for the first test I only used the rotary encoder direct to the colecovision .. to be sure to not damage the colecovision controller chip i think i will use the steering wheel pcb desing...

#42 Swami ONLINE  

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Posted Tue Oct 24, 2017 7:54 AM

for the first test I only used the rotary encoder direct to the colecovision .. to be sure to not damage the colecovision controller chip i think i will use the steering wheel pcb desing...


Just curious. Is it possible to give a quick assessment of whether the driving controllers board components are common enough one could build a driving controller board with your device to put inside another racing wheel like a thrustmaster without cannibalizing an existing Colecovision driving module?

#43 chart45 OFFLINE  

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Posted Tue Oct 24, 2017 8:08 AM

Just curious. Is it possible to give a quick assessment of whether the driving controllers board components are common enough one could build a driving controller board with your device to put inside another racing wheel like a thrustmaster without cannibalizing an existing Colecovision driving module?



here the diagram...

http://www.le-grenie...n-module-2.html

there is nothing you cant find

Edited by chart45, Tue Oct 24, 2017 8:10 AM.


#44 Swami ONLINE  

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Posted Tue Oct 24, 2017 8:31 AM

here the diagram...

http://www.le-grenie...n-module-2.html

there is nothing you cant find

Okay, thanks.



#45 chart45 OFFLINE  

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Posted Tue Oct 24, 2017 9:25 AM

Okay, thanks.


i did a quick breadboard for the ic part and it works

https://youtu.be/xSgy-dbJ9b0

#46 Pixelboy OFFLINE  

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Posted Tue Oct 24, 2017 10:22 AM

Just curious. Is it possible to give a quick assessment of whether the driving controllers board components are common enough one could build a driving controller board with your device to put inside another racing wheel like a thrustmaster without cannibalizing an existing Colecovision driving module?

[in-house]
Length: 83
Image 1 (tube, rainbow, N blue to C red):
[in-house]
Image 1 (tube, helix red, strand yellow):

Just a note: There are so many broken ColecoVision steering wheels out there that finding one to cannibalize (or in other words, to make functional again) is really a non-issue.

#47 Swami ONLINE  

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Posted Wed Nov 1, 2017 6:09 PM

Just a note: There are so many broken ColecoVision steering wheels out there that finding one to cannibalize (or in other words, to make functional again) is really a non-issue.

One of the three EM2s I bought was broke, but it was due to batteries probably left in it for 25 years ...corroded board. Are most dead ones due to the optics failing?

#48 chart45 OFFLINE  

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Posted Wed Nov 1, 2017 6:38 PM

ok here a little update .. i used an atari plug n play and installed a rotary encoder inside ... it works with 4 AA battery...



#49 Swami ONLINE  

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Posted Wed Nov 1, 2017 7:01 PM

ok here a little update .. i used an atari plug n play and installed a rotary encoder inside ... it works with 4 AA battery...
 

 

That's pretty awesome. I don't think the Colecovision ever had a paddle controller, and with replaceable hardware to boot.



#50 BigO ONLINE  

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Posted Wed Nov 1, 2017 7:50 PM

I believe the super action controller may have had an encoder driven by a left-right rolling wheel.